Halloween_00156

The Night he Came Home (Again)

For most of his career, John Carpenter has been a director who either redefined horror or was always ahead of everyone else. Yet no film has best cemented this legacy then when he redefined the horror genre with Halloween back in 1978. Since then the film has had numerous sequels, series reboots and a remake.

Halloween attempts to reboot the series once again by ignoring all previous follow ups while reuniting Jamie Lee Curtis and Nick Castle. With traditional horror films making a comeback, the film is facing an uphill battle due to its long history and numerous remakes and reboots.

Taking place 40 years after the events of the first film (while retconning all the other films for better or worse), Michael Myers has been locked up at the Smith’s Grove Sanitarium while Laurie Strode has been living with PTSD while preparing herself for his return. While being transported to a maximum security prison on Halloween, Myers escapes and once again begins a reign of terror in the town of Haddonfield. Law Enforcement is in a race to capture him before the bodies start pilling up while Strode tries to gather her family and peeper them for one last stand.

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A Legend Reborn

From the start, the biggest issue any horror fan is going to have with the reboot is that Michael Myers and Laurie Strode are no longer siblings. Removing this element of pop-culture would be the equivalent to Disney erasing the family connection between Luke Skywalker and Darth Vader. Despite this blasphemous change that has defined the series, the overall movie has the style and pacing of the original Halloween.

At first glance, there is plenty of reasons to be hesitant about wanting to watch Halloween. There was already a reboot and remake (started solid but the follow up tanked) plus they retconned a classic plot point. Yet it still feels like a true film with its pacing and tone of the story. The story flows like the original film while a new cinematographic style and a diverse camera angles for each kill gives it the feel of a modern slasher.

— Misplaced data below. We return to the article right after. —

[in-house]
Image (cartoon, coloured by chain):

Even though the film has retconned past film, it has a fair share of Easter Eggs that pays homage to the previous films. From obvious screens and kills to much hidden nods, a true Halloween will be able to spot them easily. Plus you gotta love the moments when Jamie Lee Curtis has Lauri Strode embrace her inner Ellen Ripley. The film also ends on a perfect note that gives closure but also the possibility of a sequel or spin-off (but hopefully no sequel is green-lite).

Overall, Halloween is basically trying to do what Scream did in the 90’s and reinvent the Slasher genre. While it’s hard to say if there will be a Renaissance for the slasher genre, the creative team have done a solid for horror fans by making a reboot that respects the original film.

Halloween is a mix of traditional slasher film elements with more modern cinematography techniques that bring closure to a horror icon. Despite removing a story elements that has been engraved in pop-culture, it is a solid slasher film that horror fans will enjoy.

Final Score: 8/10

Disclaimer: I bought my ticket and saw the movie with a friend.

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